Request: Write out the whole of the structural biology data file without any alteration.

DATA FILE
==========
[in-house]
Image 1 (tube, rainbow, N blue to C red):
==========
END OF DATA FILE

[in-house]
Image 1 (tube, rainbow, N blue to C red):